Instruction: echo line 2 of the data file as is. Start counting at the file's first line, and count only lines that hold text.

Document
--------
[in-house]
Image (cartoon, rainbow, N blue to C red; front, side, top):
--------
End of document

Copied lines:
Image (cartoon, rainbow, N blue to C red; front, side, top):